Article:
Then we come to the forestry sector, which is the one sector in our whole economy that can play an important role in sequestering carbon. The blind prejudice against forestry that exists, particularly among the Greens, cuts out opportunities for this sector to provide positive prospects. Biomass, for example, can create energy at the rate of only four per cent of the emissions of coal. You could generate an extra 3,000 gigawatt hours of energy in this country today using biomass without touching another twig; without harvesting another tree. But, because of the blind prejudice of the Greens, this has been struck out of this package of legislation. It is just absurd. The government say they want to reduce our carbon intensity. Here is an opportunity to do that. Biomass is recognised as a renewable energy.

The WWF and the European Biomass Association have a target for all OECD countries of 15 per cent of their entire energy being produced from biomass. So the WWF is on board with Europe. European countries will have 15 per cent of their energy coming from biomass. The last time I looked we fitted into that OECD category, yet here we are completely ruling it out. The lifecycle figures show that biomass produces energy at four per cent of the emissions of coal. The government's decision is absolutely absurd and is based on the blind and ridiculous prejudice of the Greens. So I go back to the comment that I made earlier about who is actually leading the ship at this point in time.

In regard to the impact of this legislation on regional Australia, the government's broad modelling says that the impact on the economy will be less than one per cent. When I recently spoke with some constitu­ents on King Island, where the Prime Minister visited on her way to a conference in Hobart recently, they did not believe the impact on their economy would be less than one per cent. They know that their energy prices are going to go up, and they already have higher energy costs than anyone else. They know that everything that comes on and off the island has to be shipped or flown in. If you talk to a small airline that operates into King Island, Flinders Island or any of these remote communities, that 10 per cent increase in the cost of aviation fuel represents 30 per cent of their overhead costs. So there is going to be a much more significant impact in these remote and regional areas, yet the Prime Minister expects these communities to believe that the impact will be less than one per cent. She is talking from the city perspective. Last week we had the revelation that the Minister for Agriculture, Forestry and Fisheries spends more time in the city than he does in the country. Perhaps that is a demonstration of the regard the Labor Party have for regional Australia. They run out into regional Australia and say that the impact of this tax will be less than one per cent, yet they are using broad based modelling which has no feeling at all for, and which gives no recognition at all to, the impacts on regional communities. They dumb everything down to that broad number so they can go out and quote that the impact is less than one per cent. But I can tell you that the people on King Island understand. They do understand that the impact on their community is going to be greater and they are not happy about it.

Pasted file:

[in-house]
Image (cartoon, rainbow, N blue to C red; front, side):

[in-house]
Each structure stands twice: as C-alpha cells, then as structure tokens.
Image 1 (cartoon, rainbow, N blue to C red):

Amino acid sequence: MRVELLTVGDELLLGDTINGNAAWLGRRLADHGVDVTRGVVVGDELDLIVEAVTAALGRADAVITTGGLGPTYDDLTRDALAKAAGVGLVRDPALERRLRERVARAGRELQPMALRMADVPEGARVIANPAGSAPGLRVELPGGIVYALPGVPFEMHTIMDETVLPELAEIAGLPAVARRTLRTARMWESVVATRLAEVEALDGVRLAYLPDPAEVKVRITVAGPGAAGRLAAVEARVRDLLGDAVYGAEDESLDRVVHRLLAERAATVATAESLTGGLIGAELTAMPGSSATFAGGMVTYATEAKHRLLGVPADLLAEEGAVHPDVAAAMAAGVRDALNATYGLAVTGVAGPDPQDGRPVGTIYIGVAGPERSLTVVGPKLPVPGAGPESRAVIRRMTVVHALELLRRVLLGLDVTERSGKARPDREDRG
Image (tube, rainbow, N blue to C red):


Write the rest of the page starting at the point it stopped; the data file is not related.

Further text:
Recent polling released in Tasmania shows that only 17 per cent of Tasmanians support the carbon tax; 51 per cent do not support it. The government cannot even get the support of half of Tasmania for the carbon tax and that is because there is one thing Tasmanians remember—they remem­ber the lie. They remember that Mr Sid Sidebottom, Mr Geoff Lyons, Mr Dick Adams and Ms Julie Collins all went to that last election behind a Prime Minister who said, not once but twice—six days before and then the day before:

There will be no carbon tax under the government I lead.

They said, along with Senators Sherry, Urquhart, Polley, Bilyk, Carol Brown and—one of the key beneficiaries—Senator Singh, that there would be no carbon tax under a government led by Prime Minister Julia Gillard. They are all just as culpable. They all own that promise just as much as the Prime Minister does.

When you go around and talk to small businesses about the impact of the tax on their operations, they all know that the promise they were made at the last election was that there would be no carbon tax. Even when I was talking to a small rhubarb processor and grower in the north-east of Tasmania, it was clear that they knew, along with everyone else, that as their business grows so too will the cost of energy and inputs to their business—because of the carbon tax. All of these elements I have been talking about are only for the first year. We know that this cost will go up each and every year, because the government tells us that the carbon tax is going to be indexed. They all come back to the promise. They all remember the lie: 'There will be no carbon tax under the government I lead.' That is what the Prime Minister said to the nation six days before the election and she repeated it the day before what turned out to be a very tight election. Mr Sidebottom, Mr Lyons, Mr Adams and Ms Collins all own that promise. All are equally culpable, as are Senators Sherry, Urquhart, Polley, Bilyk, Carol Brown and Lisa Singh. They all know that they went to the last election promising that there would be no carbon tax. (Time expired)